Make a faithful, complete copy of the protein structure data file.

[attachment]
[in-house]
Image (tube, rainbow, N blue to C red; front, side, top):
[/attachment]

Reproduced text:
[in-house]
Image (tube, rainbow, N blue to C red; front, side, top):